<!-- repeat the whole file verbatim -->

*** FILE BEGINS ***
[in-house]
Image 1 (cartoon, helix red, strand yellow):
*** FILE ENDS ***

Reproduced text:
[in-house]
Image 1 (cartoon, helix red, strand yellow):